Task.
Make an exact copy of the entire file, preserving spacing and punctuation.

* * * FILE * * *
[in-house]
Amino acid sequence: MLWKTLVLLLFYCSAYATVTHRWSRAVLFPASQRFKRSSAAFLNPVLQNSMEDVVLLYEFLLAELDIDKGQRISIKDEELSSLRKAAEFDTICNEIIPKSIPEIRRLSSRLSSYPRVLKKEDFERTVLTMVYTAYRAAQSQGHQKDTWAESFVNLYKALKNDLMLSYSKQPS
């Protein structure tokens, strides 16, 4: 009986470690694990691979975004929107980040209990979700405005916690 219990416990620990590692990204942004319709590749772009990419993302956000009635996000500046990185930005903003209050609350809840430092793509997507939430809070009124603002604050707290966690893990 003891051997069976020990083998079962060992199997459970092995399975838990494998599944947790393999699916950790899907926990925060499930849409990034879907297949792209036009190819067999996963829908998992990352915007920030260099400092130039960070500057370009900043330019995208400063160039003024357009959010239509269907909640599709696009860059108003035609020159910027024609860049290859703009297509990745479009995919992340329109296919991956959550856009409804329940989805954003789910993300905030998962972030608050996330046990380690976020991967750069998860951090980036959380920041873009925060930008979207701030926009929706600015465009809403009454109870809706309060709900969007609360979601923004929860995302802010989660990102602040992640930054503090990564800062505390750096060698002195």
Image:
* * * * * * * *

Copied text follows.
[in-house]
Amino acid sequence: MLWKTLVLLLFYCSAYATVTHRWSRAVLFPASQRFKRSSAAFLNPVLQNSMEDVVLLYEFLLAELDIDKGQRISIKDEELSSLRKAAEFDTICNEIIPKSIPEIRRLSSRLSSYPRVLKKEDFERTVLTMVYTAYRAAQSQGHQKDTWAESFVNLYKALKNDLMLSYSKQPS
């Protein structure tokens, strides 16, 4: 009986470690694990691979975004929107980040209990979700405005916690 219990416990620990590692990204942004319709590749772009990419993302956000009635996000500046990185930005903003209050609350809840430092793509997507939430809070009124603002604050707290966690893990 003891051997069976020990083998079962060992199997459970092995399975838990494998599944947790393999699916950790899907926990925060499930849409990034879907297949792209036009190819067999996963829908998992990352915007920030260099400092130039960070500057370009900043330019995208400063160039003024357009959010239509269907909640599709696009860059108003035609020159910027024609860049290859703009297509990745479009995919992340329109296919991956959550856009409804329940989805954003789910993300905030998962972030608050996330046990380690976020991967750069998860951090980036959380920041873009925060930008979207701030926009929706600015465009809403009454109870809706309060709900969007609360979601923004929860995302802010989660990102602040992640930054503090990564800062505390750096060698002195």
Image: